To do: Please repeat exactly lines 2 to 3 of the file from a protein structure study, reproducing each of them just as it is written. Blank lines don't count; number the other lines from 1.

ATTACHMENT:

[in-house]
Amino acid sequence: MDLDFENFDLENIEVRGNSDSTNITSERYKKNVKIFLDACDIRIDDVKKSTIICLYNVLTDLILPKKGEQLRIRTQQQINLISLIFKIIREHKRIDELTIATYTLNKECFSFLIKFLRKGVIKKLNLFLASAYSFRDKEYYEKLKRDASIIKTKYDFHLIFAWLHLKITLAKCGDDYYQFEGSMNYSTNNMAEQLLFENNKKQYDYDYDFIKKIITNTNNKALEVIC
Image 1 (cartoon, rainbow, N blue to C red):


Amino acid sequence: MDLDFENFDLENIEVRGNSDSTNITSERYKKNVKIFLDACDIRIDDVKKSTIICLYNVLTDLILPKKGEQLRIRTQQQINLISLIFKIIREHKRIDELTIATYTLNKECFSFLIKFLRKGVIKKLNLFLASAYSFRDKEYYEKLKRDASIIKTKYDFHLIFAWLHLKITLAKCGDDYYQFEGSMNYSTNNMAEQLLFENNKKQYDYDYDFIKKIITNTNNKALEVIC
Image 1 (cartoon, rainbow, N blue to C red):